Opening up the office doors again to clients’ in this so-called ‘new normal’ may appear to be going against the grain for some. However, as serious injury specialists acting for the most vulnerable clients’ in our society, it is essential that we revert to humanising the entire legal process and re-introducing meetings in person whenever it’s appropriate to do so. We know that one-size doesn’t actually fit all, and flexibility is key, but offering support at a distance may not always be appropriate. What is important, is that if the office is the right place to schedule a client meeting then we ought to be inviting them into a much more warmer and welcoming environment than we have done in the past.
Our work with the most seriously injured means that many of our clients already often feel overwhelmed and nervous during the litigation process. Having to cope with their life-changing injuries, whether that’s physical or emotional, can be really challenging and complex at times. As their legal representatives, it should be our job to create a more re-assuring environment and not put them through any additional unnecessary stress.
With virtual meetings on the rise, and with decreased social interactions for such a sustained period during the pandemic, many clients now meeting their wider legal team in person may be feeling an increased level of nervousness. As a law firm that is extremely proud to represent vulnerable clients, it’s our job to make sure that we truly evoke a positive experience from the minute they walk through our front door. Any legal practice re-thinking their office design in this changing landscape, really ought to be seriously thinking about their client experience and how we leave them feeling, taking into account the indelible mark that the last couple of years may have left on them.
It isn’t just important to us a business for measuring our client care, but it is also an important factor for our future talent. On a wider level, generation Z really want to work for organisations that stand for a purpose beyond simply making a profit and want to feel that their work is making a positive societal impact for the people that they represent. The future office is an agile, flexible, cultural hub, but it should also be a space where both our lawyers and clients can connect and collaborate too. Creating an environment that both entices staff back to the office and produces a welcoming feeling for our clients’ has to be a positive step forward.
Despite a cultural shift towards virtual interactions and meetings, the need for professional legal teams to meet their clients’ face-to-face shouldn’t be depleted altogether. Of course, creating a better office environment for our clients is not the determining factor as to whether they will instruct us or not, neither is it likely to result in more exceptional client feedback on our levels of service. However, making sure that the office is an inviting and welcoming space that oozes a feeling of calm can only be beneficial to those that we represent in our industry.
Despite some top law firms scrambling to secure office spaces in the City of London over the past year, many have decided to downsize or continue to work remotely on a more permanent basis. Obviously, one-size doesn’t fit all and each legal practice will have differing needs depending on their work areas and their clientele. Litigation and dispute resolution practises will certainly have different needs to that of commercial lawyers. Every organisation and culture is different, and so are the circumstances of every client. However, in serious injury work, firms should be carefully thinking about the environment they are exposing their clients to when re-thinking the look and feel of a new office space. So how does this all translate into office design?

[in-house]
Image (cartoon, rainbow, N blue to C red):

Traditionally law firms have been hiding away behind rather imposing reception desks in featureless buildings. The hard edges of a corporate office environment have only served to create an overwhelming and stressful environment for our already vulnerable clients. Post pandemic, law firms have been forced to re-think the role and purpose of an office, and many are now breaking the mould from the look of a traditional law firm and becoming bolder with their design and landscape. It certainly has to be a better environment than the alternate meeting space – whether that’s a virtual set up, a hired space or coffee shop. Evoking that ‘home away from home’ feeling is a good start.
At Bolt Burdon Kemp, our new office is purposely designed to open the doors to clients in a much more friendly and relaxed way. We have moved towards creating an environment that’s non-institutional, inviting and calming. We welcome our clients’ into a non-traditional type café- lounge with big open windows looking out onto the street to create an open and airy, relaxed, and friendly environment that instils an instant feeling of calm. With the introduction of biophilic design elements, including lush planting and natural textures and tones, our office space is designed to improve wellbeing whilst reducing levels of stress. This overall concept is anchored across the entire building.
Thinking about our clients’ experience and making sure that they remain comfortable, calm and relaxed in a legal office environment in any ‘serious injury’ practice ought to be a key consideration for any law firm re-thinking their office landscape in the future.
Rhicha Kapila, Partner and Chief Operating Officer, Bolt Burdon Kemp